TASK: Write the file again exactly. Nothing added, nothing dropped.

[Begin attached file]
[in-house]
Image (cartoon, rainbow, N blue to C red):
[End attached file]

[in-house]
Image (cartoon, rainbow, N blue to C red):